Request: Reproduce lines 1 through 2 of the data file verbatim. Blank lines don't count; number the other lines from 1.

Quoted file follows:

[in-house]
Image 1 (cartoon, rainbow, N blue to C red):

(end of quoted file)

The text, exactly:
[in-house]
Image 1 (cartoon, rainbow, N blue to C red):